This ground-breaking book advances the fundamental debate about the nature of addiction. As well as presenting the case for seeing addiction as a brain disease, it brings together all the most cogent and penetrating critiques of the brain disease model of addiction (BDMA) and the main grounds for being skeptical of BDMA claims.

The idea that addiction is a brain disease dominates thinking and practice worldwide. However, the editors of this book argue that our understanding of addiction is undergoing a revolutionary change, from being considered a brain disease to a disorder of voluntary behavior. The resolution of this controversy will determine the future of scientific progress in understanding addiction, together with necessary advances in treatment, prevention, and societal responses to addictive disorders. This volume brings together the various strands of the contemporary debate about whether or not addiction is best regarded as a brain disease. Contributors offer arguments for and against, and reasons for uncertainty; they also propose novel alternatives to both brain disease and moral models of addiction. In addition to reprints of classic articles from the addiction research literature, each section contains original chapters written by authorities on their chosen topic. The editors have assembled a stellar cast of chapter authors from a wide range of disciplines – neuroscience, philosophy, psychiatry, psychology, cognitive science, sociology, and law – including some of the most brilliant and influential voices in the field of addiction studies today.

The result is a landmark volume in the study of addiction which will be essential reading for advanced students and researchers in addiction as well as professionals such as medical practitioners, psychiatrists, psychologists of all varieties, and social workers.

section Section I|88 pages

For the Brain Disease Model of Addiction

chapter 4|15 pages

Time to Connect

Bringing social context into addiction neuroscience

chapter 5|24 pages

Drug Addiction

Updating Actions to Habits to Compulsions Ten Years On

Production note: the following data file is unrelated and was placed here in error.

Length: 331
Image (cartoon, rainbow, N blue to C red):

chapter 6|13 pages

Is Addiction a Brain Disease?

The incentive-sensitization view

chapter 7|12 pages

Addiction is a Brain Disease

(But does it matter?)

section Section II|167 pages

Against the Brain Disease Model of Addiction

chapter 10|9 pages

The Brain Disease Model of Addiction

Is it supported by the evidence and has it delivered on its promises?

chapter 11|3 pages

Brain Disease Model of Addiction

Why is it so controversial?

chapter 12|2 pages

Brain Disease Model of Addiction

Misplaced priorities?

chapter 14|10 pages

Recovery is Possible

Overcoming ‘addiction’ and its rescue hypotheses

chapter 16|10 pages

My Brain Disease made me do it

Bioethical implications of the Brain Disease Model of Addiction

chapter 18|9 pages

Before ‘Rock Bottom’?

Problem framing effects on stigma and change among harmful drinkers

chapter 19|7 pages

Brain Change in Addiction: Disease or Learning?

Implications for science, policy, and care

chapter 20|13 pages

Brains or Persons?

Is it coherent to ascribe psychological powers to brains?

chapter 22|13 pages

Addiction and Criminal Responsibility

The law's rejection of the disease model

section Section III|83 pages

Unsure about the Brain Disease Model of Addiction

section Section IV|188 pages

Alternatives to the Brain Disease Model of Addiction

chapter 35|11 pages

Multiple Enactments of the Brain Disease Model

Which model, when, for whom, and at what cost?

chapter 37|13 pages

Beyond the Medical Model

Addiction as a response to trauma and stress

chapter 39|16 pages

Addiction is not (only) in the Brain

Molar behavioral economic models of etiology and cessation of harmful substance use

chapter 40|9 pages

Understanding Substance Use Disorders among Veterans

Virtues of the Multitudinous Self Model

chapter 43|11 pages

Recovery and Identity

A socially focused challenge to brain disease models

chapter 44|17 pages

Replacing the BDMA

A paradigm shift in the field of addiction